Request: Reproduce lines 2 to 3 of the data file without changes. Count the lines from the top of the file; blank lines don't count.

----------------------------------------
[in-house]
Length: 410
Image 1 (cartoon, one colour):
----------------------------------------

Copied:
Length: 410
Image 1 (cartoon, one colour):